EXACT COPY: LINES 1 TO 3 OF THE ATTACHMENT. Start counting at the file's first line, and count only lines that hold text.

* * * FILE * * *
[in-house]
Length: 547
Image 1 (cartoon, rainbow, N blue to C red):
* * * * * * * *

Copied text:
[in-house]
Length: 547
Image 1 (cartoon, rainbow, N blue to C red):